#Guest #Blog Part 2 #Marketing

The 2nd Part of this month’s Blog is continued today by our Guest

Carolyn Howard-Johnson, author of the multi award-winning
HowToDoItFrugally series of books, one for writers and one for retailers

Carolyn Howard-Johnson brings her experience as a publicist, journalist, marketer, and retailer to the advice she gives in her HowToDoItFrugally series of books for writers and the many classes she taught for nearly a decade as an instructor for UCLA Extension’s world-renown Writers’ Program. All her books for writers are multi award winners including both the first and second editions of The Frugal Book Promoter and her multi award-winning The Frugal Editor won awards from USA Book News, Readers’ Views Literary Award, the marketing award from Next Generation Indie Books and others including the coveted Irwin award.

Below is number 8-15 (but the computer won’t allow me to start with #8)

  1. Develop new activities to publicize: Don’t do just book signings. Use your imagination for a spectacular launch. Get charities involved. Think in terms of ways to help your community.
  2. Send professional photos with your release: Request guidelines from your target media. But it never hurts to send a Kodak (or iPhone) moment–properly labeled–along with your release.
  3. Frequency is important: The editor who ignores your first release may pay more attention to your second or twenty-fifth. She will come to view you as a source and call you when she needs to quote an expert. This can work for novels, too. I received a nice referral in my local newspaper because I am now an “expert” on prejudice, even though my book was a novel and not a how-to book. I am now writing poetry with tolerance as a theme and that adds to my credibility as a source.
  4. Follow Up: Shel Horowitz, author of Grassroots Marketing: Getting Noticed in a Noisy
    World
    , reports that follow-up calls boost the chances of a press release being published. Voice contact builds relationships better than any other means of communication.
  5. Keep clippings: Professional publicists like Debra Gold do this for their clients; you do it so you’ll know what’s working and what isn’t.
  6. Evaluate: One year after your first release, add up the column inches. Measure the number of inches any paper gave you free including headlines and pictures. If the piece is three columns wide and each column of your story is six inches long, that is 18 column inches. How much does that newspaper charge per inch for their ads? Multiply the column inches by that rate to know what the piece is worth in advertising dollars. Now add 20% for the additional trust the reader puts in editorial material. Now compare the stories that you pitched that got published vs. the ideas you pitched that didn’t and figure out how to make that work better for you in the coming year.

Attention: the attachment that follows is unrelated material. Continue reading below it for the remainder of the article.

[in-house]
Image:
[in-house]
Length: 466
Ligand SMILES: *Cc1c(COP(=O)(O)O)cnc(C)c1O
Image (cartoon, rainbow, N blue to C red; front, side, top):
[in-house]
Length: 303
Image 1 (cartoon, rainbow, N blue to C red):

7. Set goals: You now have a total of what your year’s efforts have reaped. New publicists should set a goal to increase that amount by 100% in the next year. If you already have a track record, aim for 20%.
  8. Observe progress: Publicity is like planting bulbs. It proliferates even when you aren’t trying very hard. By watching for unintended results, you learn how to make them happen in the future.

 

Carolyn Howard-Johnson
Instructor for nearly a decade at the renowned UCLA Extension Writers’ Program
Author of the multi award-winning series of HowToDoItFrugally Series of books for writers 

Amazon Profile: 
http://bit.ly/CarolynsAmznProfile
The Frugal Book Promoter: 
http://bit.ly/FrugalBookPromo
Web site: 
http://www.HowToDoItFrugally.com
E-mail: 
CarolynHowardJ@AOL.com
Facebook: 
http://Facebook.com/carolynhowardjohnson
T
witter: http://Twitter.com/FrugalBookPromo
Pinterest: 
http://Pinterest.com/chowardjohnson
You pin one of my book covers, and I’ll pin one of yours! 

Let’s Network Today!

 

 

 

 

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2 thoughts on “#Guest #Blog Part 2 #Marketing

  1. Thank you for this two-part series, Wanda. After all, we bloggers don’t have to worry about taking up too much paper. Still, people like to make blogs short. On the other hand, it’s really nice to get the whole story, especially when our book’s success depends on it!
    Best,
    Carolyn

    Liked by 1 person

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